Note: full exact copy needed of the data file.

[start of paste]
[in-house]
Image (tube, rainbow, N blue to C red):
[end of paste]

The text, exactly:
[in-house]
Image (tube, rainbow, N blue to C red):